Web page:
The Pitch...Foul Ball

Is it finally safe to say <B>Julio Franco</B> is an amazing hitter? Before ripping a bases clearing double over Sammy Sosa's head, Julio Franco fought Cubs flamethrower Kyle Farnsworth tooth and nail with a 13 pitch at-bat (At one point fouling off <B>5</B> straight 97-99 MPH pitches.) Andrew Bare is <I>still</I> stunned.

You know the scene whenever a director once to gets across the idea that he thinks baseball is boring: A TV announcer is heard calling a tense situation; say, bottom of the eighth, tie game, bases loaded, three-two count. The pitch…foul ball.

Foul ball.
Foul ball.

Foul ball after foul ball after foul ball, the idea being drilled into our head that such a battle is somehow a waste of our collective time.

Well forget football and it's supposedly endearing sameness. Forget basketball and it's never ending mediocrity. Forget hockey and its…hockeyness. Every now and again the game presents you with a moment that truly drives home why baseball is such an amazing sport.

Kyle Farnsworth is 27 years old and the gods have blessed him "with a thunderbolt for a right arm." A night when he doesn't touch 99, 100 MPH is a disappointing night for Farnsworth. This is a guy who struck 92 batters in 76 1/3 2003 innings. He has a 12.00 K/9 rate this year. There's no such thing as an unhittable set-up man; if there was, Kyle Farnsworth would be him.

Julio Franco, in case you haven't received the memo, is old. I don't want to say that Julio Franco is really old, but he is really, really old. When Kyle Farnsworth was two years old, Julio Franco was hitting .300 in A ball.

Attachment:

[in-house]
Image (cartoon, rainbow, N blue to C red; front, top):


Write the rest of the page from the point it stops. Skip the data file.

The paths of these two men, so laughably far apart in everything that it's hard to imagine two more disparate ballplayers, came together in the bottom of the eighth inning Saturday with the bases loaded and two out. In a tie game.

When Farnsworth blew two fastballs by Franco to get the count to 0-2, it was easy to imagine the next pitch: Hard slider, in the dirt, with Julio Franco weakly flailing away at it.

Only Farnsworth pumped a fastball on the outside part of the plate. And Franco fouled it off.

Foul ball.
Foul ball.
Foul ball.

In fact, Julio fouled off five 0-2 pitches until Farnsworth finally buried a slider out of the strike zone. It was like watching a tennis player who finds himself on the wrong side of a triple match-point and keeps finding ways to slip the ball past his opponent.

In the Hollywood version of this at-bat, the count would run full. And the count did run full, because while life too rarely runs according to script, every so often it does play out like a corny movie.

And 43…45…49..78-year old Julio Franco (the guy gets older every time they remake this movie), after 13 nerve-wracking pitches, took a mid-90s fastball from one of the premiere relief pitchers in the game and damned if he didn't come within inches of hitting it over the right field wall, settling instead for a bases-clearing, shout-inducing, tear-bringing double that would eventually prove to be the winning stroke.

If you can't fall in love with baseball after that at-bat, you couldn't fall in love with Mary-Louise Parker. It was such an unbelievable, jaw-dropping, storybook ending that it could only have happened at a baseball game.

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